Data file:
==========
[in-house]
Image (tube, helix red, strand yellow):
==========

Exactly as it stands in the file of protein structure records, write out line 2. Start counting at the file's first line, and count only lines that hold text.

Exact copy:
Image (tube, helix red, strand yellow):